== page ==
My Answer: Classical music has the power to organize the brain because of it’s mathematical nature. The more complex the rhythm –the more complex the mathematics. Just as we do exercise for the body we do classical music with it’s complex rhythms, mathematics, to exercise the brain. The more complex the rhythm the better. Playing classical music activates nerve cells in the brain, rewiring synapses, increasing brain function. Through the power of classical music , the brain can re-develop and regenerate to promote civilized behavior and scholastic aptitude. It has been found that children who take up a musical instrument learn discipline, cooperation, teamwork, motivation, concentration and self esteem. Recent medical research has determined that when you play a musical instrument, all four lobes of the brain and the cerebellum are being stimulated. By playing a musical instrument the brain cells are strengthened and form new connections.
Articles to support this research are included below:
- “So When Is Debussy Due at the Station” ( Sep 11,2007) by Stewart Abel
from the Plymouth Evening Herald-Plymouth, England, UK. The playing of classical music at Bretonside bus station is keeping crime away.
- “New Thame Loos To Include Classical Music ?” (April 21, 2007) from the Thame’s local news-TameNews. net Oxfordshire.UK . Classical music “deters youngsters from loitering.” These new toilets with classical music in the background will stop crime.· “How Classical Music Can Reduce Crime, Benefit Your Mood and Increase Your Spending” (Oct 31,2006) by www.Sixwise.com. In the article classical music was being played in the most dangerous neighborhoods in the London Underground stations to decrease crime. Robberies decreased by 33 %, staff assaults decrease by 25 %, and vandalism decrease by 37 %.
Classical music even keeps out animal predators:
- “Mozart Makes Everything Sweeter” (August 23,2007) by Mijana Velijkovic
from the Excalibur On Line York University’s Newspaper. As you drive up the foothills of Siena, Italy to Carlo Cignozzi’s Vineyard, you hear his “beloved classical music ”playing. Cignozzi says, “even plants need a little soft music.” When Cignozzi decided he wanted to change his career , he researched other vineyards in China and Korea and examined the positive effects of classical music on vineyards. He began by playing Mozart’s “Magic Flute” and Vivaldi’s “Four Seasons” on his accordion for his vineyard workers , “feeling that he had not only had an effect on them but also his grapes.” His results are as follows : “His grapes matured within 10 to 14 days, instead of the usual 20 days. The alcohol content also became higher due to the faster growth. Another discovery….was the decrease in bacteria, moulds and parasites.” During the night Cignozzi played Tchaikovsky to keep away nighttime predators such as deer away from his vineyard. Cignzzin says, “music, it seems, had become a potential organic pest deterrent.”
Classroom Update On Using Classical Music in the Public School
Classrooms and while doing homework after school:
- Two articles on the benefits of singing and listening to music are “How
Singing Improves Your Health (Even if Other People Shouldn’t Hear You Singing)” and “New Study Confirms It: Music is a Must for Your Good Health … and Your Brain” by www.SixWise.com (Oct. 17,2007) To read the full articles go to:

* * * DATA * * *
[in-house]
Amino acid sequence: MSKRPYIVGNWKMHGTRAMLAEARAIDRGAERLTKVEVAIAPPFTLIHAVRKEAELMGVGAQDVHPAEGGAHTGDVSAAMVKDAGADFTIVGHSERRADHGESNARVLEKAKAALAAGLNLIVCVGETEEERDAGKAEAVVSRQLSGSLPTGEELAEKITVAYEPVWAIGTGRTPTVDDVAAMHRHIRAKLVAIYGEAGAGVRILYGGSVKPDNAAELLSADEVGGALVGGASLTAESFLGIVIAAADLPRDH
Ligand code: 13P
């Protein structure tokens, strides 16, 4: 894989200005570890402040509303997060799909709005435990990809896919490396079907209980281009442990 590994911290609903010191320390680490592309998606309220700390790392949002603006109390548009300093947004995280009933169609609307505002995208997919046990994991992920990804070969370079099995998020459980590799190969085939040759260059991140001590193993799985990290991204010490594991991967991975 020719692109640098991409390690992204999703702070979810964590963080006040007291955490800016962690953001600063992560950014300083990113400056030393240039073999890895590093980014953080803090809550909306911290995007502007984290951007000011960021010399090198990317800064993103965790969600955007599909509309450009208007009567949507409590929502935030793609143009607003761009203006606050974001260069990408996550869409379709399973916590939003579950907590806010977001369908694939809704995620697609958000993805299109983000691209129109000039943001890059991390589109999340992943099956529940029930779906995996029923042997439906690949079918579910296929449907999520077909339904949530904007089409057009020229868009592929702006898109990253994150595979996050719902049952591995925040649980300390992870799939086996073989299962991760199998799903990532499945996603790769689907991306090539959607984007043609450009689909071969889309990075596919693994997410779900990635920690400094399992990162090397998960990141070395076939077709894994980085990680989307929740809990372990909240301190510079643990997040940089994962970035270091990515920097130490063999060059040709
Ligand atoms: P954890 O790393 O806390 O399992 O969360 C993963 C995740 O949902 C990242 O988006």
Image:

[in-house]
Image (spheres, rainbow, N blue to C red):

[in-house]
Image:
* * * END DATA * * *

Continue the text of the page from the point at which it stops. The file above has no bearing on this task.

- Mrs. JC had her fourth grade reading class , 22 in the class, listening
to classical music, Mozart, during class for the entire school year .The children have consistently made 100’s on tests and work. These are just average students not exceptional.
- Mrs. G had her fifth grade students listening to classical music,
played softly, while the children did creative writing assignments and when they did problem solving in math. It created a calm atmosphere conducive to problem solving and creative thinking as well as an appreciation of music that they might not have experienced. The results were so good that she incorporated this into her teaching for five year.
- “Mrs. J has 3 children, ages 15, 11, and 7 who have been listening to
Mozart and other classical music while doing their homework after school since March 05. She has seen them become more focused and relaxed , finishing homework quicker, with more accuracy which has led to higher grades.
- “Northside Middle School in Norfolk, Virginia is using classical music
in halls and class rooms with very good success. “ Classical Music Plays at Norfolk School”
- “Home Schooling Popularity Grows in WNC” ( Oct 14,2007) by Ashley Wilson
from the Ashville Citizen -Times Voice of the Mountain, N.C. “We have classical music playing all day long. We have National Public Radio in the background. It’s amazing how cultured your children can become…” To read the article go to
- “Musical Training Found Important for Communication Skills” (Oct. 24,2007)
To read the transcript and hear the radio broadcast go to
- “Granite Falls Educator Is Nation’s Teacher of the Year” (April
26,2007) by Lynn Thompson from the Seattle Times Newspaper. The nations teacher of the year is Granite Falls music teacher, Andrea Peterson.
Andrea Peterson, 33, teaches choir and music classes at Monte Cristo Elementary School. She plays “almost every instrument in the orchestra , sings, composes music, writes lyrics for her students on subjects as diverse as ocean ecology and Shakespeare.” Superintendent Joel Thaut, says, “Music isn’t a subsidiary subject in Granite Falls. It’s part of everything we do.”
- “How the Arts Make Kids Smarter” (July 7, 2007) by Mary Belle McCorkle
and Shirley Kiser from the Tucson Citizen, Tucson, Arizona. Gene Jones, a retired businessman.
To read the entire article go to
This December if you have a question about the power of music for education and healing … what would your specific question be? Tap on the link below and look on the left side to where it says ask Madeline a
Performing at Hospitals, Rehab Hospitals, and Retirement Homes Madeline Frank, violist has shared her music with patients at local Hospitals and Rehab Hospitals in Virginia. If anyone has an experience they would like to share on the benefits of classical music please send it and it will be include it in the January 2008 newsletter.
Wishing you and your family a happy and healthy Chanukah, Christmas and New Year from your Non-Invasive Medicine…Music Expert, Madeline